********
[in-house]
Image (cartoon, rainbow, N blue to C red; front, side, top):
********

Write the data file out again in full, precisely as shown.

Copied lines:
[in-house]
Image (cartoon, rainbow, N blue to C red; front, side, top):